This article lists the most significant domestic content management systems in Finland. The list contains CMS systems which compete primarily for web projects in Finland in the 10,000-50,000 euro range. The order of the systems listed is based on an estimate of how commonly they are used as platforms for medium-sized projects.
The prices of domestic CMS products varies considerably, but licensing fees are usually a few thousand euros per year. A vendor may also bundle licensing fees with hosting and maintenance costs, so license fees are not separately listed.
Domestic vendors are generally very equally matched, since no one vendor has a significant share of the market. Most of the companies listed employ 10-30 people and have a few dozen active customers.
Crasmanager is a long-standing domestic CMS product from the Helsinki-based company Crasman. Crasmanager is a PHP-based CMS developed entirely in Finland. Crasmanager’s customers include both large corporations and small to medium sized businesses. Crasmanager is also resold and/or recommended by some Finnish advertising agencies and web design firms. Crasmanager’s special features include an emphasis on product data management and online annual reports. Crasman actively invests in development of its own product, even though it often has to compete with international products like Drupal or EPiServer. Crasman’s implementation projects typically cost a few tens of thousands of euros.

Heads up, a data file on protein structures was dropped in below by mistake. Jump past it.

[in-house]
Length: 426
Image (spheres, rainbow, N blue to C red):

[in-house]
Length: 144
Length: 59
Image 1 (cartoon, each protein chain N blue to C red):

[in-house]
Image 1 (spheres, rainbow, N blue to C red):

Prime is part of the Innofactor product family, in which the CMS is one part of integrated software. Prime is widely used particularly in the public sector and by 3rd sector organisations, the areas on which Innofactor focuses. Prime has numerous components designed to meet special needs in various fields. Prime is based on .Net framework. Innofactor, the developer of Prime, also implements projects on many Microsoft products, for example SharePoint. Prime’s special features include its companion products, for example event management and resource management solutions. Prime’s strength is in fact its broad range of features and Innofactor’s intention to actively develop the product “in many directions”. Prime cannot be considered a particularly specialised tool, but rather a multi-purpose system. Innofactor’s implementation projects typically cost a few tens of thousands of euros, but Innofactor also sometimes competes for very small projects (5,000-15,000 euros) as well as extremely large public sector projects (e.g. the City of Vantaa). Prime is also currently used by many large public sector customers, in some cases even for unusual applications of the software.